- Courtesy of SoulCycle
SoulCycle’s cofounders are leaving their positions at the brand.
Elizabeth Cutler and Julie Rice “have resigned as co-chief creative officers to ‘pursue new projects,'” SoulCycle confirmed to Business Insider.
It added that “they will continue to serve on the board to support the long-term vision of SoulCycle. We are forever grateful to Elizabeth and Julie for creating this incredible company.”
The pair founded SoulCycle a decade ago with one studio on the Upper West Side of Manhattan, New York.
The brand filed to go public in July, but gym brand Equinox owns a 97% stake.
The brand is planning an expansion into new studios and at-home cycling workouts.
With each class costing $34 and no unlimited-membership option, SoulCycle can get pricey. SoulCycle is also known for its famously loyal clients who sign up for the week’s classes at noon on the dot each Monday.
SoulCycle has also come under fire for being elitist with its famous front-row policy that forbids new riders from riding a bike in the front of the studio. Experts have called the safety of the classes’ “dance” routines on the bike into question.
In 2011, James S. Fell gave SoulCycle “a failing grade for exercise physiology and biomechanics” in an article in the Los Angeles Times. He pointed out that neither Cutler nor Rice had a background in exercises science or any indoor-cycling certifications then.
SoulCycle’s third founder, Ruth Zukerman, left the brand and started a major competitor called Flywheel. Zukerman told Business Insider that Flywheel was meant to be inclusive rather than exclusive.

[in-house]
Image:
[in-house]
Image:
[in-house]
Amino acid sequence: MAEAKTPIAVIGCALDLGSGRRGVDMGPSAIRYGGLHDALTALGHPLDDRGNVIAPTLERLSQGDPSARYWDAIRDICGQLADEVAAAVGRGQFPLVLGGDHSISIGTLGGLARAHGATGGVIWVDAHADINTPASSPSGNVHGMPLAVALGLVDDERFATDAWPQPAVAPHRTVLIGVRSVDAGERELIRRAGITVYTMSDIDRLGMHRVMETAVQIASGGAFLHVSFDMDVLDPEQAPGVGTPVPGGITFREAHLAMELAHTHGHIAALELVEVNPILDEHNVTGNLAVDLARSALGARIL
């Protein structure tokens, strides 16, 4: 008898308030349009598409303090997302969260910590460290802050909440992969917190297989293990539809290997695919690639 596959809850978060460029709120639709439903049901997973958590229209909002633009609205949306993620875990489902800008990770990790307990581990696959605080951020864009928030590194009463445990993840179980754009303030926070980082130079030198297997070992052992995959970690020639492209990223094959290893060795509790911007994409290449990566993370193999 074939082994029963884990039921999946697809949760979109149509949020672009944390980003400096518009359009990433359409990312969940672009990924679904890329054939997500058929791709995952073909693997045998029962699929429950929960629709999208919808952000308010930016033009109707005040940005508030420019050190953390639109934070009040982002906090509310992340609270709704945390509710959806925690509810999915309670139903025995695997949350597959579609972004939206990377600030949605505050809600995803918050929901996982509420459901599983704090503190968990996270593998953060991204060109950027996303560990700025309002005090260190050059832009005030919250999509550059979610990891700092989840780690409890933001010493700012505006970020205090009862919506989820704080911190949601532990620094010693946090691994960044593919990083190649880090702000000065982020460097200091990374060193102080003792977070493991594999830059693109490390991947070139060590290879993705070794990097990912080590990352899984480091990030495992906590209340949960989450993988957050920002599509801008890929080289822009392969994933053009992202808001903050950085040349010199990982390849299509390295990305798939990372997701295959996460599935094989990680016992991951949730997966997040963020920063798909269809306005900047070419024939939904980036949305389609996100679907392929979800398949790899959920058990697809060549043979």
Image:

“We have created a very kind of supportive and encouraging community of people where it’s not about who’s prettier or who has more jewelry or who has the better workout outfit,” Zukerman told Business Insider last year, ostensibly alluding to SoulCycle’s famously wealthy clientele.
Recently, Flywheel announced huge expansion plans.
Many cycling studios are vying to capture people who are interested in indoor cycling, but SoulCycle is still the undisputed leader. SoulCycle is so popular it is embedded into pop culture; “Unbreakable Kimmy Schmidt” went so far to parody its guru-like instructors.
“There is really something about putting people in the dark, letting their endorphins flow, playing loud music – we call it the perfect storm,” Rice told The New York Times.
“We founded SoulCycle ten years ago with a mission to create happiness and empowerment through exercise. To see what SoulCycle has become, the community it created and serves, and the positive impact its had on the lives of our riders and our staff has been humbling,” Cutler and Rice told Business Insider.
“Like all entrepreneurs, our passion is to create, and that is what we are making the space to do today. As board members and as riders we remain committed to seeing SoulCycle succeed.”